Huawei sues Verizon for infringing patents

Feb. 6, 2020
Huawei has filed separate suits in the United States District Courts for the Eastern and Western Districts of Texas alleging that Verizon has infringed 12 of Huawei’s U.S. patents. The Tier 1 service provider called the move “a PR stunt.”

Huawei has filed separate suits in the United States District Courts for the Eastern and Western Districts of Texas alleging that Verizon has infringed 12 of Huawei’s U.S. patents. The Tier 1 service provider called the move “a PR stunt.”

At least five of the patents cover optical communications technology and address such functions as transmitting low-rate and client signals over an optical network and mapping and de-mapping in an optical transport network. These patented technologies, Huawei alleges in the suit filed in the Eastern District Court, are necessary to implement ITU-T G.709 Optical Transport Network (OTN) transmission. Huawei states in the suit that the patented technologies were contributed to the ITU-T to help create Recommendation G.709, with the understanding that Huawei would be willing to negotiate licenses on a nondiscriminatory basis and on reasonable terms and conditions with anyone wanting to build OTN equipment. However, it claims in the suit that Verizon “has made, used, sold, offered to sell and/or imported into the United States systems and/or devices that comply with the G.709 Standard in connection with Verizon’s optical transport network systems” without the necessary licenses from Huawei attached.

Meanwhile, in the Western District Court, Huawei asserts in the second suit that Verizon uses Cisco and Juniper Networks routers and switches that Huawei alleges contain Huawei patented IP in a manner that Huawei asserts violates its patents. The company makes similar claims regarding Verizon’s use of Cisco’s WebEx teleconference technology in its service offerings.

The Chinese communications technology vendor says it took matters to court after it had negotiated with Verizon for what Huawei termed “a significant period of time” (since early February 2019, according to court documents) regarding the possibility of licensing agreements. "We invest heavily in R&D because we want to provide our customers with the best possible telecommunications solutions. We share these innovations with the broader industry through license agreements, said Dr. Song Liuping, Huawei's Chief Legal Officer. "For years now we have successfully negotiated patent license agreements with many companies. Unfortunately, when no agreement can be reached, we have no choice but to seek a legal remedy.”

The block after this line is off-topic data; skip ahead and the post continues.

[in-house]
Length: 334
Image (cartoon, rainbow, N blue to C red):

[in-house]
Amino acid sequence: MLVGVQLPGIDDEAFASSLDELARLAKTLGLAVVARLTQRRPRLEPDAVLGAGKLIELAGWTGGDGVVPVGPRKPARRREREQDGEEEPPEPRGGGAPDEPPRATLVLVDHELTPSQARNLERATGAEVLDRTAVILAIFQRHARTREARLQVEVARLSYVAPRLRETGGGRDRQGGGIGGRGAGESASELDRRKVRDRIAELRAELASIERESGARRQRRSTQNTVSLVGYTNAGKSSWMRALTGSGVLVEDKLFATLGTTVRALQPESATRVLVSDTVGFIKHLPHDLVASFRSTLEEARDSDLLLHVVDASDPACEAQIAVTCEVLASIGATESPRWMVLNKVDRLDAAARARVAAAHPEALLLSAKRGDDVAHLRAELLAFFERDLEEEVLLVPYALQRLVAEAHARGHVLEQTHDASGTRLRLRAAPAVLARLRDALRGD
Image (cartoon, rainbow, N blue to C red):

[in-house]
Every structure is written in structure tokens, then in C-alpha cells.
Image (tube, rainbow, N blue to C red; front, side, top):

Verizon released an unattributed statement today in response to the suit. “Huawei’s lawsuit filed overnight, in the very early morning, is nothing more than a PR stunt,” the statement reads. “This lawsuit is a sneak attack on our company and the entire tech ecosystem. Huawei’s real target is not Verizon; it is any country or company that defies it. The action lacks merit, and we look forward to vigorously defending ourselves."

The patent lawsuits come against a background of increasing tensions between the U.S. and Huawei that have seen the U.S. Commerce Department bar U.S. companies from selling technology to Huawei without a special license (see Huawei faces U.S. technology access ban) as well as the Federal Communications Commission label Huawei a threat to national security (see FCC rules USF money can’t be spent on Huawei, ZTE equipment). Huawei has taken the U.S. to court in response to some of these moves (see Huawei sues U.S. over ban on sales to government).

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